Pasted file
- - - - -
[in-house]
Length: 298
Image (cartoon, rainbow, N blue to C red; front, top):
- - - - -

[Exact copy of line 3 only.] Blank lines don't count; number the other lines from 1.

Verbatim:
Image (cartoon, rainbow, N blue to C red; front, top):